Your Cheat Sheet to Skincare Acids

Acids – some love them, some fear them and others just are not sure what to do with them. Regardless of your relationship with them, we are here to demystify acids and simplify your selection and inclusion process for healthier skin! 

Credit: Karolina Grabowska 

What are Acids? 

Acids are some of the most beneficial skincare ingredients readily available. Additionally, they come in many forms – from Alpha Hydroxy Acids (AHAs), Beta Hydroxy Acids (BHAs) to the increasingly popular Polyhydroxy Acids (PHAs) – to provide a whole host of different benefits for various needs. But despite their varying benefits, all acids act as exfoliators to the skin.   

AHAs vs BHAs vs PHAs – What’s the Difference? 

Alpha Hydroxy Acids (AHAs) 

AHAs work on the surface to break the bonds between the outer layer skin cells, removing dead skin cells and revealing new skin. They are water-soluble, making it harder for it to penetrate the skin. Additionally, they are hydrophilic (aka they attract water molecules). This helps the skin retain more water to feel bouncy and hydrated.  

AHAs also make your skin much more sun-sensitive – thus, if you are adding AHAs to your morning routine, SPF is a must. Typically, higher concentration AHAs are more powerful and penetrative.   

AHAs are great for:  

  • Treating mild acne  
  • Lighten post-inflammatory hyperpigmentation, acne marks, age spots and other skin discolourations  
  • Increase collagen and elastin production for reduced wrinkles and fine lines 

Beta Hydroxy Acids (BHAs) 

BHAs also exfoliate the topmost layer of skin, penetrate deeper to exfoliate excess oil within pores and breakdown deep-set congestion. They are oil-soluble, allowing it to penetrate deeper into the skin. Unlike AHAs, BHAs do not attract water molecules. This can result in a drying effect for non-oily skin types. On top of that, BHAs do not make the skin more sun-sensitive, but SPF is still a non-negotiable in your morning skincare routine. Lastly, contrary to AHAs, a higher concentration of BHAs does not mean better results. In fact, BHAs are most effective at low concentrations of 2%-4%  

BHAs are great for:  

  • Soothing inflammation and its anti-bacterial properties  
  • Treating moderate to severe acne  
  • Lighten post-inflammatory hyperpigmentation, acne marks, age spots and other skin discolourations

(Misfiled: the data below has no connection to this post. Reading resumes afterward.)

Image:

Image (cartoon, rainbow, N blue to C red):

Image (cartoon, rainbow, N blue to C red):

Polyhydroxy Acids (PHAs) 

Lastly, PHAs. PHAs are made of several hydroxyl groups, providing them with unique properties that differentiate them from AHAs and BHAs. PHAs are also the gentler alternatives to AHAs. Their larger molecule size allows them to stay on the surface layers of skin to exfoliate dead skin cells. They also share AHA’s hydrophilic properties – allowing them to help retain more water in the skin. Their gentler nature also allows them to be a friendlier alternative for dry or sensitive skin types.   

PHAs are great for:  

  • Exfoliating dry or sensitive skin types  
  • Soothing inflammation and has anti-oxidant properties  
  • Combatting glycation – a process that weakens collagen and elastin in your skin  

Overall, acids are great tools to fight acne, wrinkles, pigmentation spots, scarring and uneven skin tones. 

Credit: Karolina Grabowska 

Dos & Don’t of Using Acids 

Do: Use in Toners, Serums or Moisturisers 

Acids tend to work best when left on the skin for long periods. Thus, the most effective forms of acids are toners, serums or moisturisers. This is not to say that cleansers containing acids are ineffective, but they have less time to work their magic on your skin if they are washed off in under a minute.   

Don’t: Use Too Many or Too Strong Acids 

Although most AHAs work best at higher concentrations, it does not mean you should start stocking up on the highest concentrations of acids. It is important to remember that all acids are exfoliators. If you experience dull, lacklustre skin, using a wide variety of concentrated acids may sound ideal, but over-exfoliating can cause skin care problems (burns, dryness, acne and sensitivity)